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He did indicate Canada would like to see the U.S. get involved in the oil sands through Keystone. “But I can tell you we can work as aggressively as we can with the ones going west, out to the Asian market,” he said. “It will be up to the Americans what happens with the ones going south.”

“We’re going to want more trade with China,” he added.

But Perrin Beatty, president and CEO of the Canadian Chamber of Commerce and former Canadian defense minister, has been assured the Chinese won’t deliberately bypass the U.S. to sell the oil in China.

CNOOC competes with other Chinese oil companies, so it won’t simply bring it back home at a lower price, if it can make more money selling to other parts of the world, including the U.S.

“They will function on a commercial basis,” Mr. Beatty said. “They are in competition with other Chinese oil companies.”

If anything, this may heat up the need for Keystone. With more oil being produced, it could create a bottleneck on the Canada-U.S. boarder that needs to be relieved with a big pipeline, said Bev Dahlby, a distinguished fellow in tax and economic growth at the University of Calgary.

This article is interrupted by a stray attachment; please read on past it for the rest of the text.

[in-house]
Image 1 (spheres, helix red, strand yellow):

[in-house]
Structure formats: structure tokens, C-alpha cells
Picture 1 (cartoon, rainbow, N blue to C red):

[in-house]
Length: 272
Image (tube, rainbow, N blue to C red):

“It makes the need for Keystone even greater,” he said.

The sale of Nexen, which operates in part in western Canada, would reinforce the global significance of the controversial tar sands oil.

“It means the oil sands are attractive for global investors,” Mr. Beatty explained. “The fact the Chinese, Americans and others are looking at those resources really attests to that. It underscores the fact that this is an exceptional resource and others are interested in it.”

Regardless of whether the tar sands oil is dangerous for the environment, Mr. Beatty said, it can’t be any worse than relying on oil from hostile Middle Eastern nations.

“What other countries does the U.S. buy oil from that have stable democracies?” he asked. “Canada is the United State’s best friend, whether they know it or not.”